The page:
As sanctions loom, Metrobank boosts controls
“This cannot happen again.”
Thus vowed Metropolitan Bank and Trust Co. chair Arthur Ty as the country’s second-largest financial institution braced itself for a slew of sanctions over a P1.75-billion internal fraud case that was uncovered last July.
The scam—blamed on former Metrobank vice president Maria Victoria Lopez, who allegedly faked loans by legitimate corporate clients, but diverted the proceeds to bank accounts she controlled—was alleged to have been going on for several years before the bank official was caught red handed and arrested.
Yesterday, Bangko Sentral ng Pilipinas Governor Nestor Espenilla Jr. said regulators would announce today the punitive measures that the BSP’s policy-making Monetary Board would impose on the bank after a four-month audit and investigation.
Apart from ordering Metrobank to tighten internal controls, BSP may also impose administrative sanctions on bank officials who had oversight over the processes that allowed the rogue banker to perpetuate the scam.
Even as the central bank was conducting its probe, however, the management of the publicly listed financial giant has already taken proactive steps to prevent a repeat of one of the biggest cases of bank fraud in the country.
Ty said Metrobank was spending no less than P4 billion on new automated systems that would strengthen its core banking processes, including the use of artificial intelligence to help speed up processes for legitimate clients and their transactions, while isolating problematic or suspicious cases for the proper human intervention.
“It’s a major investment that we’ve embarked on even before this happened, but it’s even more important now,” he said.
Ty—the son of Metrobank founder George S.K. Ty—said the bank would also commission an external review and audit by an international third party firm to serve as a “fresh set of eyes” that would take a closer look at internal processes and recommend improvements.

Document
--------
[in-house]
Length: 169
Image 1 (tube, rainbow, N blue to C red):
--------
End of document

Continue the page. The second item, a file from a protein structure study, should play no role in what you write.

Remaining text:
“It’s actually a top-down review,” he said, explaining that the goal was to bring in global standards and best practices. “There are a lot of threats now that are being addressed on a one-off basis. Cybersecurity is one. Solutions have to be integrated.”
Meanwhile, Metrobank president and CEO Fabian Dee said that efforts to recover the funds allegedly stolen by Lopez looked “very promising,” adding that a search of the rogue banker’s personal records yielded a breakthrough that has “facilitated asset search and recovery.”
“We know exactly what [properties] to attach,” he said. “And the more you attach, the more she wants to cooperate. It’s pointless for her to resist. But we’re still pursuing even offshore assets and accounts.”
The Metrobank chief described his 54-year-old former employee as “cold hearted” who seemed unfazed and has remained stoic from the time of her arrest at the Metrobank headquarters last July to her eventual transfer from the National Bureau of Investigation detention facility to the Makati City jail.
“When she was arrested, she didn’t even cry. It was like she was expecting it,” Dee said. “When she was transferred to the Makati City jail, we thought the discomfort and the presence of [hardened criminals and difficult living conditions] would have an effect on her. But no. She’s good.”
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